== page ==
February 19, 2008

Woods and Other Unexplored Things
by Pastor George Van Alstine

Recently, I’ve had conversations with two different people, who are fairly new to the area, about nearby hiking trails. In these conversations, I’ve reminisced about some of my memorable hikes. There was the time two other leaders and I took about a dozen seven-to-nine-year-old boys on their first hike, in which we met a rattlesnake on the trail and traveled over nine miles. And then, Judy and I once slept under the stars at DeVore Campground, with no other campers around, and listened to some wild critters sniff around us in the middle of the night. Now I have on my desk a copy of Trails of the Angeles, on hiking options in the San Gabriel Mountains, and I’m feeling a mixture of nostalgia and longing. My mind is alongside a waterfall up an obscure canyon.

The other day Judy was fantasizing about what part of the world she’d like to visit. She narrowed things down to Europe, but was torn between France, Germany and England. Visit them all, you may say. But she was also agonizing about how frustrating it would be to get a taste of a place like Paris, and not be able to stay there long enough to digest it. How long would be long enough? A week? A month? A year? You’d probably still feel that you were on the surface of a place like Paris.

During my college days, I had my first serious encounter with poetry. Some of the poems that moved me then still have that effect on me. Yet there are so many other poets and so many other poems I haven’t begun to look into, it makes me a little sad to realize that I’ll probably never explore much deeper into my dark continent of poetry.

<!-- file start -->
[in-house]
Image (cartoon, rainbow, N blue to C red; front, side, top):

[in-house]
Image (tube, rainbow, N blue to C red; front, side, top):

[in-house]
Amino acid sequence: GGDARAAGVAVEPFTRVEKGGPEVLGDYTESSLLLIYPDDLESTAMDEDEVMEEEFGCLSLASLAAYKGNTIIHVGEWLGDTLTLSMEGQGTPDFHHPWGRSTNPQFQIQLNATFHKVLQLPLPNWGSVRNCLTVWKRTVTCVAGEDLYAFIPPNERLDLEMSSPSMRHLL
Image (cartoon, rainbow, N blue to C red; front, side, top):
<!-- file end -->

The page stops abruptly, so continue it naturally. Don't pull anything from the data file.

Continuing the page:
One poet I like is Robert Frost. And one of his simplest poems expresses well the series of reflections I’m trying to share in this article:

Whose woods these are I think I know.
His house is in the village though;
He will not see me stopping here
To watch his woods fill up with snow.

My little horse must think it queer
To stop without a farmhouse near
Between the woods and frozen lake
The darkest evening of the year.

He gives his harness bells a shake
To ask if there is some mistake.
The only other sound’s the sweep
Of easy wind and downy flake.

The woods are lovely, dark and deep.
But I have promises to keep,
And miles to go before I sleep,
And miles to go before I sleep.

You’d have to be a Vermonter, like Frost, to become romantic over a snow storm, but every person from every climate and culture can fully identify with his closing lines:

The woods are lovely, dark and deep.
But I have promises to keep,
And miles to go before I sleep,
And miles to go before I sleep.

We can probably all think of some lovely, dark, deep woods we’ve longed to explore. And we know the frustration of being called away by life’s responsibilities, our “promises to keep.â€?

But the God who created all the explored and unexplored wonders of our universe also created human beings, in his image, with the capacity and desire to experience his wonders. Can it be possible that this life is all; that we are destined, whoever we are and however vast has been our learning and experience, to die unfulfilled? The universal human belief in an after-life, where we will experience God and his creation in-depth, is a testimony that this longing is part of being a person, of being in God’s image.

Some people may dismiss this belief in an after-life as wishful thinking. Christians however, believe that God sent Jesus into the world to assure us that this human intuition is true:

“I go to prepare a place for you . . . . I will come again and take you unto myself, that where I am, you may be also.â€? (John 14:2-3)

Jesus’ disciple John later wrote about this expectation:

“We are God’s children now; what we will be has not yet been revealed. What we do know is this: we will be like him, for we will see him as he is.â€? (1John 3:2)

If we “see him as he is,â€? perhaps we will also be able to see his creation as it truly is, to experience all the wonders he has built into the glorious universe that reflects him.